Op-ed: At some point, sky-high valuations will matter just like they did for the dot-com busts
The Fearless Girl sculpture wearing a mask stands next to a large Christmas Tree lit up displayed in front of the New York Stock Exchange on December 06, 2020 in New York City. Alexi Rosenfeld | Getty ImagesIt's not often that celebrity home-buying sprees give me insights into the stock market. However, when I read last Friday about Ellen DeGeneres' purchase of a $49 million house in Montecito, California, I realized that this behavior helped me understand the current exuberant state of the stock market. It was the example of how investors buy what they want, when they want it, at whatever price is necessary, that struck me as the defining character of this current stock market. I have written about the surge in retail trading, a major force behind this phenomenon, especially among people for whom stock trading seems to serve as a surrogate for unavailable leisure activities.cnbc.com
UK nixes Christmas gatherings, shuts London shops over virus
Shoppers wear face masks as they walk in Regent Street, ahead of the new Tier-4 restriction measures, in London, Saturday, Dec. 19, 2020. Britain's Prime Minister Boris Johnson says Christmas gatherings cannot go ahead and non-essential shops must close in London and much of southern England as he imposed a new, higher level of coronavirus restrictions to curb rapidly spreading infections. “It is with a very heavy heart that I must tell you we cannot proceed with Christmas as planned,” Johnson said. While London fared relatively well in controlling the virus throughout the fall, the city now has the highest infection rates in England. The move will largely scrap Christmas gatherings in line with the rules for southern England.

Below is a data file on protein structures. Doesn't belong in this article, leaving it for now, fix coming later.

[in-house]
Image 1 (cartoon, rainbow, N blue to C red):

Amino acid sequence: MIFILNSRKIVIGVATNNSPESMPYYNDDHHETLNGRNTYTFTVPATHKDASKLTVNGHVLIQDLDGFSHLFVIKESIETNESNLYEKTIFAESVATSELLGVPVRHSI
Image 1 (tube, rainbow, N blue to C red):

Christmas tree sales are telling a holly, jolly economic story
John Williams, left, and his dad Terry, right, both of Salem, carry a large Christmas Tree out of the field together at Tucker Tree Farm in Salem, Oregon, November 29, 2020. Alisha Jucevic | ReutersTree retailers are having a spirited season this year, as Americans staying closer to home due to the coronavirus pandemic are turning the holiday spirit up a notch. Christmas trees are helping paint a bit more optimistic narrative. "People are staying at home and getting a really big tree," Evercore analyst Ed Hyman said in a note. Indeed, each year Americans will buy between 25 million and 30 million real Christmas trees along with another 10 million to 20 million artificial ones, according to Statista.cnbc.com
Local Christmas tree farms allow for social distancing
That’s when most Christmas tree farms are open for business. He said the good thing about tree farms is that most have plenty of space to let customers spread out and social distance. There are 15 Christmas tree farms in the greater Houston area. If you choose to stay home, you can get a fresh tree delivered, but you may be waiting a minute. Home Depot advertises that you can order your fresh cut Christmas tree online today and get free delivery if the tree costs at least $45.
Texas woman decorates Christmas tree with free face masks those in her neighborhood can use
KYLE, Texas – One Central Texas woman is giving back to the community by putting her Christmas Tree to good use during the off-season. Kyle resident Jacqueline Smith decorated her metallic pink Christmas tree with hand-sewn face masks for the community to use. She had signs written in English and Spanish to tell her neighbors the masks were free and donations were accepted. Smith says it became such a hit that she ran out of masks to give away, but other community members came to refill her tree with masks they made. With great spirits, not only did she receive monetary donations but also supply donations to encourage her to make more face masks.
"World's ugliest Christmas tree" lives on
It's the time of year when Christmas trees are normally being tossed to the curb, but in Reading, Pennsylvania, one tree has become immortal. It's not for the tree's beauty though. Steve Hartman goes "On the Road" for another look at the "World's ugliest Christmas tree."cbsnews.com